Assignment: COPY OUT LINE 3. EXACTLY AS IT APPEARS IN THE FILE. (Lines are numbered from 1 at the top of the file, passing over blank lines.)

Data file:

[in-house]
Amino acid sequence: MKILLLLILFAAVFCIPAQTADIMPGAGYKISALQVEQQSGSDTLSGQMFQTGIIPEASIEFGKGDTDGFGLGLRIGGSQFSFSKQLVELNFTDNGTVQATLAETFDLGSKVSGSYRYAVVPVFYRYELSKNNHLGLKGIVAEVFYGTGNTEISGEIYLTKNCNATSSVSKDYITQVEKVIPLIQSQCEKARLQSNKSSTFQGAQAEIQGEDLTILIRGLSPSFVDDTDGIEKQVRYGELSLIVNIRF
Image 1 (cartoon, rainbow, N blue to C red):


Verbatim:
Image 1 (cartoon, rainbow, N blue to C red):